Sylvain Hellegouarch  committed def7d2e

not losing the streaming section from our old doc

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File sphinx/source/_static/images/cpreturn.gif

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File sphinx/source/_static/images/cpyield.gif

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File sphinx/source/advanced.rst

 Notice finally how the whole stack of segments is passed to each
 page handler so that you have the full context.
+Streaming the response body
+CherryPy handles HTTP requests, packing and unpacking the low-level details,
+then passing control to your application's :term:`page handler`, which produce
+the body of the response. CherryPy allows you to return body content in a
+variety of types: a string, a list of strings, a file. CherryPy also allows you
+to *yield* content, rather than *return* content. When you use "yield", you also
+have the option of streaming the output.
+**In general, it is safer and easier to not stream output.** Therefore,
+streaming output is off by default. Streaming output and also using sessions
+requires a good understanding of :py:mod:`how session locks work
+The "normal" CherryPy response process
+When you provide content from your page handler, CherryPy manages the
+conversation between the HTTP server and your code like this:
+.. image:: _static/images/cpreturn.gif
+Notice that the HTTP server gathers all output first and then writes everything
+to the client at once: status, headers, and body. This works well for static or
+simple pages, since the entire response can be changed at any time, either in
+your application code, or by the CherryPy framework.
+How "streaming output" works with CherryPy
+When you set the config entry "" to True (and use "yield"),
+CherryPy manages the conversation between the HTTP server and your code like this:
+.. image:: _static/images/cpyield.gif
+When you stream, your application doesn't immediately pass raw body content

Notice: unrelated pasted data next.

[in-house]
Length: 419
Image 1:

+back to CherryPy or to the HTTP server. Instead, it passes back a generator.
+At that point, CherryPy finalizes the status and headers, **before** the
+generator has been consumed, or has produced any output. This is necessary to
+allow the HTTP server to send the headers and pieces of the body as they become
+Once CherryPy has set the status and headers, it sends them to the HTTP server,
+which then writes them out to the client. From that point on, the CherryPy
+ramework mostly steps out of the way, and the HTTP server essentially requests
+content directly from your application code (your page handler method).
+Therefore, when streaming, if an error occurs within your page handler,
+CherryPy will not catch it--the HTTP server will catch it. Because the headers
+(and potentially some of the body) have already been written to the client,
+the server *cannot* know a safe means of handling the error, and will therefore
+simply close the connection (the current, builtin servers actually write out a
+short error message in the body, but this may be changed, and is not guaranteed
+behavior for all HTTP servers you might use with CherryPy).
+In addition, you cannot manually modify the status or headers within your page
+handler if that handler method is a streaming generator, because the method will
+not be iterated over until after the headers have been written to the client.
+**This includes raising exceptions like HTTPError, NotFound, InternalRedirect
+and HTTPRedirect.** To use a streaming generator while modifying headers, you
+would have to return a generator that is separate from (or embedded in) your
+page handler. For example:
+.. code-block:: python
+    class Root:
+        @cherrypy.expose
+        def thing(self):
+            cherrypy.response.headers['Content-Type'] = 'text/plain'
+            if not authorized():
+                raise cherrypy.NotFound()
+            def content():
+                yield "Hello, "
+                yield "world"
+            return content()
+        thing._cp_config = {'': True}
+Streaming generators are sexy, but they play havoc with HTTP. CherryPy allows
+you to stream output for specific situations: pages which take many minutes to
+produce, or pages which need a portion of their content immediately output to
+the client. Because of the issues outlined above, **it is usually better to
+flatten (buffer) content rather than stream content**. Do otherwise only when
+the benefits of streaming outweigh the risks.
 Response timeouts